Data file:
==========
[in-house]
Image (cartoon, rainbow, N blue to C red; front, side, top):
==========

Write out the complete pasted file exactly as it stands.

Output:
[in-house]
Image (cartoon, rainbow, N blue to C red; front, side, top):